In particular, the Declaration responds [to] Indigenous peoples' necessity to maintain and pass onto future generations their distinct cultural identities and to the centrality of the land to the practice of this culture and to provide for the health and well-being of Indigenous peoples.
Again, this is not something that is very difficult for us. We are a proud country. In the past, we have been at the forefront. Canada was the lead in setting up the International Criminal Court, for instance. One of our judges who headed that court was Louise Arbour, a famous Canadian, and one, by the way, whom the Government of Canada did not even bother to thank when she left her job most recently, but that is another issue to put aside altogether. Everyone else thanked her for her job except for the Government of Canada, which says something. It sends a message. This is what she had to say with respect to this issue, noting that the declaration:
--has been 20 years in the making. Its contents are drawn from the experiences of thousands of indigenous representatives who have shared their anguish and their hopes.
As we stand at the brink of this historic decision by the General Assembly, it is the time to call upon member states of the United Nations to join as one and adopt the Declaration and thereby establish a universal framework for indigenous peoples' rights, social justice and reconciliation.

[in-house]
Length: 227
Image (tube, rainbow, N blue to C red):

That is a strong statement from a very important Canadian, one who has certainly made us proud on the international scene.
However, I think it is also worthwhile to look at some of the statements made by the indigenous people of our country themselves, our first nations people:
The Declaration recognizes our collective histories, traditions, cultures, languages, and spirituality. It is an important international instrument that supports the activities and efforts of Indigenous peoples to have their rights fully recognized, respected and implemented by state governments.
Those are the words of National Chief Phil Fontaine of the AFN.
This is how our first nations people themselves are seeing this issue:
The First Nations Leadership Council stands together with the indigenous peoples of the world in celebration of this historic achievement.